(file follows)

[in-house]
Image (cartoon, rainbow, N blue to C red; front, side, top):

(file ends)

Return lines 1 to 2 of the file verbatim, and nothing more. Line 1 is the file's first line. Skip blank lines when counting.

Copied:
[in-house]
Image (cartoon, rainbow, N blue to C red; front, side, top):